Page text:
But how do we rank them? I think we can’t. Civilisations, as a whole, aren’t worse or better than one another, they are just… different. We can very well rank them on specific matters. Nobody (almost) agrees genital mutilation is a good idea. Nobody believes open defecation is great. So we can, and we must, criticise civilisation where such behaviours are observed. But there are very few things that are so obviously retarded. Most points of contention between civilisations are in a much greyer area. So if we were to calculate say a civilisation index, each culture will give different weighting to different features and we’ll end up up with as many equations as there are cultures. One’s love for a universal ID card is backed by a perfectly logical assertion and so is my hatred for it. The defining factor is our priorities – convenience for the system vs convenience for the individual. Which one should have more weighting? Even in a country as small and as homogenous as Luxembourg, you’ll find people on either side.
Which brings me to my original point. How do we scope a civilisation then? If half of Brits love EU and half of them hate it. Then could those two halves be considered one civilisation? They obviously have wildly different priorities. Thus, I don’t buy the civilisations = nations theory. In my experience, I have seen the contrary. Nations tend to be made up of various civilisations, every country has its Nazis, Tories, Libtards, snowflakes. One, amongst the multitude of civilisations within a country, enjoys the majority mindshare and thus their cultural priorities come to define that era. India went full socialist, swung full tilt to the right, and now swinging back ever so slightly to the left again. We could faithfully run an analysis of how nations have behaved in the last 2500 years or so and come up with justifiable synopses for a nations “most favoured civilisation features”. And if indeed you do that, you’ll find that the history written by Europeans is largely propaganda and US trade practices are littered with protectionist fuckerage.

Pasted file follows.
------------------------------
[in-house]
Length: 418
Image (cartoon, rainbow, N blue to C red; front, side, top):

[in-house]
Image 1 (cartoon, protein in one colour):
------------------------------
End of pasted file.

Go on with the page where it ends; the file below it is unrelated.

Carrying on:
Obviously cultural priorities translate to political agendas which play out in the form of economic policies. But I have deliberately avoided using wealth or productivity or innovation as a yardstick. Two reasons.
First, people don’t apply the same moral standard to the wealth earned from colonising and starving millions that they do the act of colonising and starving millions. Europe earned its wealth through coercion and a blatant disregard for human life. Mexican drug lords get rich the same way. But our attitude towards them is wildly different.
Second, productivity or efficiency is not a universally desired trait (although wealth is, undeniably). For Indians, broadly speaking, self-determination is more important than efficiency. There’s a strong notion of “we know this is not optimal, but this is how WE want it, and it’s inefficiency doesn’t bother us as long as we get to choose how we do things”. That’s why villages here are self-governed, they are given the money and they decide among themselves what to do with it.
To conclude, I think of civilisations as players in a football team. Each, even the smallest of them, have a role to play and each have their strengths and weaknesses. Just as we can’t compare a striker and a goalie, I can’t think of a meaningful, unbiased way of comparing civilisations as a whole. I will be the first one to admit that their individual features can be compared, but it’s important to realise that the outside of a few obvious howlers, most such judgments rely a lot on subjective experiences and beliefs.
If you really must know what’s the greatest civilisation on earth. It has to India (or China). The oldest civilisation that’s still alive and kicking and has always been a significant player culturally and politically (to her own detriment). But then again, aren’t we all a little biased?